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that antibodies are Y-shaped genetically engineered proteins, with two arms, designed to bind specifically with a target found on cancer cells (and hopefully rarely found on any healthy cells).
In the case of certain forms of advanced lung cancer, scientists have been searching for a way to shut down the activity of a protein called MET. The big problem here, Bishop says, is that the way MET works, traditional two-arm antibodies that bind with it can get metabolized in a way that is thought to actually accelerate the activity of the biologic pathway—and make the cancer worse.
Since that’s probably not going to impress doctors or the FDA, Genentech’s engineers went to work on different protein structures that would shut down MET more effectively. That’s how they came up with a one-arm antibody.
The MET protein is thought to be a culprit in a number of cancers, but it’s particularly egregious in non-small cell lung cancer, Bishop says, so that’s where Genentech tested it first. The big study to watch at ASCO will be OAM4558G, highlighted in abstract #7505.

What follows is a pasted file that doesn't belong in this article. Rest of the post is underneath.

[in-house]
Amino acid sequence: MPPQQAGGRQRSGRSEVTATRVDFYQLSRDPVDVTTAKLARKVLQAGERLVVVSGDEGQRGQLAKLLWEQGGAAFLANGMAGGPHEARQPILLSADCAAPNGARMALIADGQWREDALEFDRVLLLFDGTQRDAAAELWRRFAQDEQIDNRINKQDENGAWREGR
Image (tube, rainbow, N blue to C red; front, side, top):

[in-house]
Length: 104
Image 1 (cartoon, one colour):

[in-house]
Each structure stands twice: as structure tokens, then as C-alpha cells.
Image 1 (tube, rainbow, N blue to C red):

This trial was designed to enroll as many as 180 patients who were randomly assigned to get either a placebo or erlotinib (Tarceva) in tandem with MetMab. Importantly, researchers have been able to see that patients with MET mutations who got the MetMab did better than patients who low-level activity of MET, Bishop says.
“There’s some neat engineering here,” Bishop says.
Those are the big programs to watch, although Genentech will have plenty more to say, with more than 300 abstracts coming out online today about 30 different tumor types. There won’t be any major data presentations at this year’s meeting on a couple of Genentech’s high-profile antibody programs that we’ve covered here before—T-DM1 and pertuzumab.
For people who want more information on those drug programs for breast cancer, you’ll all just have to sit tight, and perhaps wait for another future ASCO. As Bishop says, everyone wants immediate results, but this cancer drug business takes time.
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